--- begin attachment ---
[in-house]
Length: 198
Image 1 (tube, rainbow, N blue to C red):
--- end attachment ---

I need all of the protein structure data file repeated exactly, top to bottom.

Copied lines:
[in-house]
Length: 198
Image 1 (tube, rainbow, N blue to C red):